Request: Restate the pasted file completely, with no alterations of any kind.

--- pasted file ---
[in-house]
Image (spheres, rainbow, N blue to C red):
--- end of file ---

[in-house]
Image (spheres, rainbow, N blue to C red):